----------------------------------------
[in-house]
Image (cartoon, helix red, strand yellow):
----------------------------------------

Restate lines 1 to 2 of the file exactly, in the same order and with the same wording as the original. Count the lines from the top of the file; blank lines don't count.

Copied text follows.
[in-house]
Image (cartoon, helix red, strand yellow):